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Tuesday, 30 June 2015

Brent Musuem in Willesden Opening Soon

When the Brent Museum re-opens in Willesden this Summer, we are promised an exhibition on Britain's relationship with Gujarat.  This is partly funded by Arts Council England, and follows on from other successful exhibitions in Brent in the past.  Having the Museum co-located with the new library helps attract visitors to both.

Thursday, 25 June 2015

Brent Libraries Under Ambitious?

I have been looking at Brent's Corporate Plan for 2015 to 2016.  My general experience of such documents is that they are not massively useful unless the people writing them really think it through.  However the library targets are worth commenting on.  They are:

"an increase in library visits to 2,205,179 visits a year" 

and

"an increase in issues to 1,124,383 a year."

The first surprise is the precision of those figures, which I assume have been generated by some mechanistic formula. 

The second is the low ambition, compared to the most recent completed year figures.   2,205,179 visits is scarcely up form the 2014/15 figure of 2,112,149.  Unless the new Willesden Library is a disaster (which I am sure it will not be) that is amazingly modest growth.  The issue figures also seem low, although given difficulties with increasing issues in the past, that caution is more understandable.

Is something going to happen in Brent Libraries to overturn the success of the last few years?

.

Wednesday, 24 June 2015

Air Quality Action Plan?

I notice that Brent Council's corporate plan has an aim of agreeing a successor Air Quality Management Plan by June 2015.  I wonder when it is going to happen, and what will be in it?

Tuesday, 23 June 2015

School Places in Wembley

I see that the next Brent Cabinet, is making emergency provision to have temporary school places at Elsley Primary School in Wembley.  Of course, the rise in school places is a problem afflicting most London authorities.  However, it does seem odd that Brent Council have recently emptied temporary classes in the former Preston Library, also in the Wembley area, whilst rushing through an expensive conversion of school premises fairly close by.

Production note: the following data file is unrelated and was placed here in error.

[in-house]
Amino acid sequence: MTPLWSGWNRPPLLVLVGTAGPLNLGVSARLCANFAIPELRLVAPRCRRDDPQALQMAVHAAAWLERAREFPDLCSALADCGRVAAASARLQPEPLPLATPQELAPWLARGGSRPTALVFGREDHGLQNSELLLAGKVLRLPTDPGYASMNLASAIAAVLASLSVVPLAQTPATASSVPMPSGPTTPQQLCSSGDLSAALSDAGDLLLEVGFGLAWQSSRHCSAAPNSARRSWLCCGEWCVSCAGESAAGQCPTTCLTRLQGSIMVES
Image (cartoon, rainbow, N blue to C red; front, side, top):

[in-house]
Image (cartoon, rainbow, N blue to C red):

Why not just use the classrooms that were already kitted out for primary school children in a building that the Council owns?

Monday, 22 June 2015

Gordon Brown Outdoor Education Centre

I see that the next Brent Cabinet is considering investing in refurbishing part of the Gordon Brown Outdoor Education Centre.  The situation for Brent Youth services is not quite as bleak as it appeared at one time, but they are still likely to be cut back dramatically.  The report points out the benefit that children gain from using the centre in outdoor activities and improving environmental awareness.  It occurs to me that very similar arguments could be made for the Welsh Harp Environemental Education Centre, which has now been put out to tender.  

Sunday, 21 June 2015

The Political Importance of Air Quality

John Vidal has a long piece on air quality in the Guardian.  This seems to be getting more of a profile after years in which it was seen as a fairly minor issue.  I recall raising it with some London Councils colleagues only for it to be seen as a fringe concern.

Brent actually has quite a reasonable record on improving air quality.  There is, of course, the ongoing blight of poor air quality in Neasden Goods Yard.  The trouble here is that the Environment Agency is extremely reluctant to take action.  Boris Johnson until recently had no interest in air quality at all, and only seems to have woken up to the seriousness of the situation in the last few months. 

Aside from that specific area, London Boroughs main contribution to better air quality is by reducing traffic pollution.

This was one aim behind the introduction of emissions based parking charges in Brent.  Although most of the publicity behind this concentrated on carbon emissions, those are also a good proxy for other pollutants, such as PM2.5 and NOx. 

Councils can also use planning policy to limit car use and encourage other forms of transport as Brent generally does.  This is also the justification behind most of the Council's policies on parking charges.

However, I suspect progress on these issues is likely to be stymied by a reluctance of decision makers to accept that political decisions can have a good outcome in one direction but not in another.  I get that sense from some of the comments in the Vidal piece.  It also seems to happen locally here in Brent, where the Council has tinkered with parking charges in a way that seems to encourage car use at the same time as having other policies to discourage car use.  That really doesn't make much sense.